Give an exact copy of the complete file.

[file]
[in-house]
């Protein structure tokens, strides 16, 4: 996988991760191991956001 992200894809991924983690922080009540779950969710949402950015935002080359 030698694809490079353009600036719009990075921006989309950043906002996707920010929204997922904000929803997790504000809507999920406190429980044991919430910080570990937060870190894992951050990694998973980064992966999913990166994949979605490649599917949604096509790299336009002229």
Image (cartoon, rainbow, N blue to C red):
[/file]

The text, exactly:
[in-house]
């Protein structure tokens, strides 16, 4: 996988991760191991956001 992200894809991924983690922080009540779950969710949402950015935002080359 030698694809490079353009600036719009990075921006989309950043906002996707920010929204997922904000929803997790504000809507999920406190429980044991919430910080570990937060870190894992951050990694998973980064992966999913990166994949979605490649599917949604096509790299336009002229």
Image (cartoon, rainbow, N blue to C red):